How to Manage Tantrums in Power Kids

Kids screaming, yelling, throwing things… this is a tantrum. We want to avoid
them as much as possible, but how?

If we haven’t experienced them ourselves as a parent, we have all definitely witnessed kids having a tantrum. Whether they are told no, lose a game, or cannot have exactly what they want, children’s tantrums are a challenge to manage. They can be especially difficult when a child’s goal of misbehavior is power.

  • While this is a struggle, it is important to remain calm. Step back and stop to think about what you want to say. Take a few deep breaths, count to ten slowly and strategize.
  • Once you are regulated, you can help your child gain control of their emotions. Sit next to them and rock back and forth, taking slow, belly breaths. Give your child a cold drink of water. Show them empathy by reflecting their feelings-I know you are angry we cannot buy a new toy today, or I see you are sad that your sister won the game.
  • When your child has chilled out enough to talk, focus on solutions instead of punishment. If you are saying no, say it respectfully.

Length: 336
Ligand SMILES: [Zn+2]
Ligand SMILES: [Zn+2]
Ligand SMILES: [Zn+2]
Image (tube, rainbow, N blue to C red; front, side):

• If consequences are needed, have them be natural and logical. When I pick up your toys instead of you, they will go on a high shelf for tomorrow. If you choose to be on the electronics past the limit, you then you choose not to play the next day.

To start decreasing tantrums in your child, let them know what to expect by establishing daily routines for homework, meals, or bedtime. Share power by giving them age appropriate responsibilities- you are old enough to choose what you wear to school, or give them a list of chores to pick from. Offer limited choices- you can do math or reading first today, do you want chicken or hamburgers for dinner?

Play cooperative board games with your child. Some of my favorites are linked below. Take turns being the leader in games such as Simon Says, Follow the Leader, or Mother May I. Puzzles or shared art projects are other ways to include each member of the family. Some of my favorite books for these kiddos are also linked below.

If you find you need more support to cope with your child’s behaviors, please contact me to discuss ways I can help.

Family Treasure Hunt Game
Noah’s Animal Rescue Game
Hoot Owl Hoot Game:
One by Kathryn Otoshi
Chocolate Covered Cookie Tantrum by Deborah Blumenthal
Millie Fierce by Jane Manning
Where the Wild Things Are by Maurice Sendak

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